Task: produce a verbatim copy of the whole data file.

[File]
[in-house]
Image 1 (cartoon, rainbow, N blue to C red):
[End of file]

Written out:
[in-house]
Image 1 (cartoon, rainbow, N blue to C red):